Supporters are calling this a reasonable reaction to the housing crisis. It protects folks who already have housing from being evicted so that a landlord can so easily raise the rent or take the property off the market to turn it into short-term housing.
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Landlord groups, however, fighting this pretty hard. They say it's unfair. They say it can make it hard to evict someone who's dealing drugs or making a mess on the property.
Here's what Hugh Barber, a longtime landlord in Brattleboro, said at a recent public hearing:
"I realize it's a difficult market, and I feel bad for people that they may lose their homes, but we're running a business," he said. "We've spent hundreds of thousands dollars on fire code issues, sprinklers and all that. We can't afford to have big disruptions in rental revenue and still run these places in a manner that they have grown to expect."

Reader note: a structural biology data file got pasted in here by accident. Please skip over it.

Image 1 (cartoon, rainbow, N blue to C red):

Now in each of these towns a yes vote would lead to a charter change that would make it harder for landlords to evict tenants. And if the Town Meeting Day article passes, then each community has to hammer out the details then get the Legislature and the governor to sign off on the charter changes.
OK. So it sounds like some towns are addressing the housing crunch through their rental codes. But Howard, what about zoning? That's a local issue, right?
Yeah, it's a local issue. And town meeting, you know, is traditionally a place to talk about the town plan and talk about what the planning commission has been up to, but we're definitely seeing more passion and interest in that this year. It's really interesting because it's not really so cut and dry when you look at what towns are talking about this year.